Overall, he was targeted 79 times and allowed 60 catches for 595 yards, zero touchdowns, and zero interceptions.

Carter II also did a respectable job of preventing any enormous completions. The longest reception he allowed on the year went for a gain of 36 yards. Of the league’s 96 qualified cornerbacks, 81 of them allowed at least one catch that went for more than 36 yards. Forty-five of them allowed at least one catch for 50+ yards.

Strength: Contributing as a playmaker against the run

Carter II did a solid job of getting involved against the run. He tied for 20th among cornerbacks with seven run-stops. With those seven run-stops coming over 273 snaps against the run (48th), he had a run-stop rate of 2.6%, which placed 25th out of 118 qualified cornerbacks (79th percentile).

Now that we’ve gone into the primary positives of Carter II’s rookie season, I want to highlight a few of the areas where he must improve to make a second-year jump.

Area of emphasis: Sharpening his run defense

While Carter II was a relatively active run defender, he wasn’t totally sharp in that area.

Carter II tied for 18th among cornerbacks with four missed tackles against the run. His missed tackle rate of 16.0% in the run game placed at the 44th percentile among qualifiers – it’s not awful, but it can be cleaned up.

Pro Football Focus’ grading system was not fond of Carter II’s run defense at all. PFF scored Carter II with a run defense grade of 40.4, which placed at the 7th percentile among qualifiers at his position. There were times when he took poor angles and contributed to allowing some big runs to break out.

Area of emphasis: Taking the ball away

As I highlighted in my recent breakdown that looked at the primary areas of weakness for the Jets’ 2021 defensive rookies, Carter II can work on his ability to produce takeaways.

Carter II did not have any interceptions or forced fumbles in his rookie season. He did have two fumble recoveries, but those are mostly based on luck. Interceptions and forced fumbles are the categories you want to look for individual defenders since they have some degree of control over them.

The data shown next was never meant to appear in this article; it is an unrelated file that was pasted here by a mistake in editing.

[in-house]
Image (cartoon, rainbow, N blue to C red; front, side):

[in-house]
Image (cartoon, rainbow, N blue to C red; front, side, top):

Only six cornerbacks in the NFL played more defensive snaps than Carter II (777) without recording an interception or a forced fumble.

Based on the league averages for cornerbacks, Carter II was expected to produce a combined total of 2.0 interceptions and forced fumbles over his snap count. With an actual total of zero, he produced -2.0 interceptions and forced fumbles versus expectation, which ranked eighth-worst out of 96 qualified cornerbacks. Teammate Bryce Hall (-2.88) was the NFL’s worst cornerback in this category.

Great in zone, needs improvement in man

Carter II has stark splits between zone coverage and man coverage.

In zone coverage, Carter II was fantastic. He gave up only 6.8 yards per reception in zone, which ranked sixth-best out of 96 qualifiers (95th percentile).

Carter II was targeted 36 times in zone coverage and allowed 32 catches for a fairly modest 218 yards. His longest reception allowed in zone coverage went for only 20 yards, which was shorter than the longest reception allowed in zone coverage by all but four of the other 95 qualified corners.

But in man coverage, Carter II was beaten fairly often. Carter II played man-to-man on 147 snaps and gave up 279 yards, an average of 1.90 yards per cover snap that ranked 88th out of 96 qualifiers (8th percentile). He also ranked 92nd with 19.4 yards allowed per reception. Teams threw at him 27 times and completed 15 passes for 291 yards.

Michael Carter II projects as a reliable starting slot man

Like any young player, there are areas where Carter II must improve, but he showed proficiency in enough areas during his rookie season to inspire confidence that he can be a dependable starter in the slot going forward.